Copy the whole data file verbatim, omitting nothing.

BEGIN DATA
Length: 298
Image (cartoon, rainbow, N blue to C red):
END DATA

Length: 298
Image (cartoon, rainbow, N blue to C red):